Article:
Conflict simulation, peacebuilding, and development

Graduate student reflections on Connections 2014

Graduate student (and periodic PAXsims contributor) June McCabe attended her first Connections interdisciplinary wargaming conference this year, and has sent on her impressions to share. June is an experienced gamer, although a  neophyte wargamer. You’ll find my own reports here, here, and here.

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I first heard about Connections in 2013 after my supervisor Rex Brynen returned from the first annual Connections UK in fall of last year. At that time, we were working on updating various parts of the Brynania conflict termination simulation, which students at the graduate and undergraduate level participate in as part the Peacebuilding curriculum at McGill. We spoke often about the utility of simulation in the classroom and this provoked a greater interest in wargames writ large for educational and analytical purposes. I am now writing my Master’s thesis on Title X wargames. This year, as part of my project I attended Connections 2014. The conference served as an initial point of contact for me to meet members of the wargame community and discuss the history, methods and philosophies of wargaming. I also, of course, took the opportunity to play-test some games.

Wargaming is a vast genre that is often misunderstood to mean simply “playing at war.” This depiction is far from accurate, as wargames serve a wide range of purposes and vary in complexity, depth of scenario, and realism. Some wargames are played for fun while others are designed specifically to educate and prepare players for conflict situations. Connections certainly reflected the field with participants coming from backgrounds in government and military, commercial game design, and academia among others. Moreover, most wargamers are members of multiple cohorts. Many having grown up playing hobby games to later incorporate their interest in strategy and tactics into their work.

The primary theme of the conference this year was “international wargaming cultures.” Presenters spoke about the differences between professional wargaming across states from the United States to Sweden to China. It was interesting to see how cultural contexts effect the execution of wargaming. However, it was also noted that in many ways the similarities across cultures are are often much greater than the differences.

During the game demos portion of the conference, a wide variety of games were available to play-test. The Humanitarian Crisis Game, originally designed during the Connections 2012 game lab and then developed at McGill by Professor Brynen since, was played again with great success. Other games like Barwick Green explored uncertainty and mistrust when a unit of Bangladeshi peacekeepers was deployed to an otherwise quiet (at least at first glance) village in the English countryside.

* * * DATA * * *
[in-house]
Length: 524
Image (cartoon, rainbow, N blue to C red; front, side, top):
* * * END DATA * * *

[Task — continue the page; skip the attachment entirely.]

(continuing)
Later, I participated in my first matrix game, ISIS Crisis which focused on the conflict in northern Iraq. Matrix games are very simply constructed scenarios that require the players to provide reasons for the actions they take during his or her turn. The adjudicator grants bonuses to dice rolls depending on the strength of the player’s argument. Other players provide counterarguments to lower dice rolls, which pushes players to draw on their experiences not only with tactics but also their knowledge of geopolitics, history, and regional dynamics. I found the matrix game one of the most challenging I’ve ever played but found it to be a fantastic learning experience and an excellent method for brainstorming.

Players battle for control of Iraq in the "ISIS Crisis" matrix game.

Battling for control of Iraq in the “ISIS Crisis” matrix game.

Connections is an important venue for introducing and exploring new ideas and sharing insights between members of the wargaming community. The only drawback to this type of event is that it is challenging to find a way to include everyone from disparate professions. For example, organizers struggle to find a middle ground between encouraging military participation as well as reaching out to commercial developers. Creating resources that are useful for newcomers but also demonstrate the variety and complexity of the genre is another challenge.

The Connections group is taking steps to address these obstacles and despite the fact that I am new to the field and approaching it from an academic perspective, I was welcomed by participants from all backgrounds. This went a long way towards helping me to feel comfortable enough to participate in the demos and workshops and I find that I am already looking forward to the next Connections in 2015.

June McCabe 


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